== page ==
The Gospel for November 6th, 2016: “The Question about the Resurrection”
Reflection: What Will Heaven Be Like?
In reading today’s gospel, it occurred to me there a number of theological fine points being referenced that it would helpful to understand. In particular, I wondered who exactly were the Sadducees, what were their beliefs, and what did they mean by the “resurrection?” I did a little searching to find those are some murky waters, since the Sadducees did not have a written theology; and what we know of them comes from other sources from the time period. It appears they were a rival Jewish sect, very conservative, with both the Pharisees and later the Christians. Furthermore, there is evidence they held some power in the management of the temple and in the Sanhedrin, the court of judges we know Jesus stood before on the night of His arrest. Finally, from the passage, we know they did not believe in the “resurrection,” although there is no clarification of what they meant. It is safe to assume they meant life after death for God’s people and not the resurrection of Jesus from His death on the cross, which was yet to come.
If I may start with that understanding and avoid wading into murkier theological waters, I think Jesus’s answer is pretty revealing about what we as Christians live in hope for. When they ask Him which brother the widow who was remarried to a family of brothers after each of his deaths will be married to when she passes on, Jesus answers:
The children of this age marry and remarry; but those who are deemed worthy to attain to the coming age and to the resurrection of the dead neither marry nor are given in marriage. They can no longer die, for they are like angels; and they are the children of God because they are the ones who will rise (34-36).
Despite the fact that this answer is given as a part of a scriptural debate about the truth of the resurrection, a life after death, it also provides we who believe in it a glimpse of its nature that I find quite encouraging. Jesus says we are no longer married to anyone in the afterlife. Why would that be? It is not because of the problems relating to polygamy brought up by the Sadducees. Rather I think it speaks to our call to holiness as God’s created children. We have been born into this world in sin, which divides us from the animating and ever-present love of our Creator. In His grace, we still know Him in life because His love is in each of us and because the Holy Spirit’s presence in our world amplifies His call to us to overcome our separation from Him in sin and rejoin Him in the pure joyfulness and glory of His everlasting love.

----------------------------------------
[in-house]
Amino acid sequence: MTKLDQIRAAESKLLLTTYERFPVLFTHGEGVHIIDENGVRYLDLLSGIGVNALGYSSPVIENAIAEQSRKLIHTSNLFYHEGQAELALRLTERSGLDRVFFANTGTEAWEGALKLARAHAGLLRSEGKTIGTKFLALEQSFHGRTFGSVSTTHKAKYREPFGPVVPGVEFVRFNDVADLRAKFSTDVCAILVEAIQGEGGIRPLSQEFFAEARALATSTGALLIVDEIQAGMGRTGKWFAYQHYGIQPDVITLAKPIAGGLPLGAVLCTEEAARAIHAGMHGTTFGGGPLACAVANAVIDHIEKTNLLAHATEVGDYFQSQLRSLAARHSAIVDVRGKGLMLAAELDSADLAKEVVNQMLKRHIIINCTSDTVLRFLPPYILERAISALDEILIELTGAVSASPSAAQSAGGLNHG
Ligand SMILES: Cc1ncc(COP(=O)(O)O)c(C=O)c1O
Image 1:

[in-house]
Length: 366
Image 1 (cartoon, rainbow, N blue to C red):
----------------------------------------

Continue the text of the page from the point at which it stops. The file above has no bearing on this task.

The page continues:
While we experience this love in small doses in loving our neighbor and in the sacraments, we alienate ourselves from that love in moments of sin, widening the spiritual gap between Christ and us. Marriage, as a sacrament, joins two people into one in Christ’s love, which has the potential to extend our walk toward holiness and rejection of sin. Any married couple knows how often we are called to be unselfish and put our partner’s and others’ needs before our own in marriage, especially in marriages blessed with children. But in the next life, we no longer need marriage when God’s grace has purified us to the point of holiness where we may be joined in His love directly. The separation caused by sin is gone. We are fully justified with the rest of His people and the angels in His love forever. The fact that this happens while we still maintain a unique consciousness as ourselves, so that we may enjoy eternal life in Him, is just one aspect of the absolute beauty and mystery of God’s grace. It is a state that marriage helps prepare us for in this life as two individuals work at remaining one in Christ’s love. This relationship only works when every decision is made with the unselfish love of Christ as the animating force. And it why it has the ability to purify us so that we may eventually be holy.
So even though I like other analogies of Heaven that speak to the ecstatic joy of eternal life: streets of gold, harmonious choirs, eternal rest, endless bounty (I love my parish priest’s joke that he hopes there will be low-calorie Snickers bars in Heaven. I also love the title of Rick Telander’s book for hoops junkies Heaven is a Playground); there is something in Jesus’s answer that I find even more reassuring. When I hear other analogies, I still think about the dark shadow sin casts on every ecstatic high we experience in this life we use to imagine life in Heaven. Despite a marriage I find truly rewarding, I still long for escape from its responsibilities at times. As a result, I sometimes become very selfish and give into all sorts of sins, large and small. I find this to be true of all my relationships with others, with my children, with my co-workers, with my extended family, with my friends and neighbors. They all enrich my life with God’s love, but sometimes I see the ties that bind us as a burden I do not want to shoulder. But in Jesus’s answer, we are reminded that relationships in Heaven are no longer marred by sin. Sin is gone because the gap it causes between us and God’s unselfish love has been closed and will not return. We will all be gathered up in Him no longer touched by sin–no more alliances and rivalries. I long for that day. I have hope for that day. And I pray that we all continue to open our hearts to our Savior so that all of humanity may be joined as a truly unified people in our Creator. I think all at once it will be both eternally joyful and peaceful.